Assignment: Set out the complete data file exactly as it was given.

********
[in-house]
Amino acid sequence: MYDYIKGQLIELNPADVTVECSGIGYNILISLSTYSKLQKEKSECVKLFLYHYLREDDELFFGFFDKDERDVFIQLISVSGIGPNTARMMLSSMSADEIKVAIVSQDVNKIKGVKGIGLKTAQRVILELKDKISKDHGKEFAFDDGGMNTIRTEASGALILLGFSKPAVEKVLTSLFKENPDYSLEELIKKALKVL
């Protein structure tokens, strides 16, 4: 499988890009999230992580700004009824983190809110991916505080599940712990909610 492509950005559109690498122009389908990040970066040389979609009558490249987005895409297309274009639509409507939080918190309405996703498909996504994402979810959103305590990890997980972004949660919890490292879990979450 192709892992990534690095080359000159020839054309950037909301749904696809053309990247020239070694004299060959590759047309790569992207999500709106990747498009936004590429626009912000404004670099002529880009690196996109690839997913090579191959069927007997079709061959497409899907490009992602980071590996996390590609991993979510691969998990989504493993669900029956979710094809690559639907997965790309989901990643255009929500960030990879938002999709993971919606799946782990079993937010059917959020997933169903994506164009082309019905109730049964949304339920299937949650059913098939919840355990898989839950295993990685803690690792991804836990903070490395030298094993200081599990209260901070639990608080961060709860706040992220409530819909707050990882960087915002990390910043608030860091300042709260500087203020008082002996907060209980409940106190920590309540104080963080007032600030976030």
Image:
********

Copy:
[in-house]
Amino acid sequence: MYDYIKGQLIELNPADVTVECSGIGYNILISLSTYSKLQKEKSECVKLFLYHYLREDDELFFGFFDKDERDVFIQLISVSGIGPNTARMMLSSMSADEIKVAIVSQDVNKIKGVKGIGLKTAQRVILELKDKISKDHGKEFAFDDGGMNTIRTEASGALILLGFSKPAVEKVLTSLFKENPDYSLEELIKKALKVL
């Protein structure tokens, strides 16, 4: 499988890009999230992580700004009824983190809110991916505080599940712990909610 492509950005559109690498122009389908990040970066040389979609009558490249987005895409297309274009639509409507939080918190309405996703498909996504994402979810959103305590990890997980972004949660919890490292879990979450 192709892992990534690095080359000159020839054309950037909301749904696809053309990247020239070694004299060959590759047309790569992207999500709106990747498009936004590429626009912000404004670099002529880009690196996109690839997913090579191959069927007997079709061959497409899907490009992602980071590996996390590609991993979510691969998990989504493993669900029956979710094809690559639907997965790309989901990643255009929500960030990879938002999709993971919606799946782990079993937010059917959020997933169903994506164009082309019905109730049964949304339920299937949650059913098939919840355990898989839950295993990685803690690792991804836990903070490395030298094993200081599990209260901070639990608080961060709860706040992220409530819909707050990882960087915002990390910043608030860091300042709260500087203020008082002996907060209980409940106190920590309540104080963080007032600030976030």
Image: